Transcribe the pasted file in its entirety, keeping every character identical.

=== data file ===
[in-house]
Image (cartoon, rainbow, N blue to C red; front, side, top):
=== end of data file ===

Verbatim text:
[in-house]
Image (cartoon, rainbow, N blue to C red; front, side, top):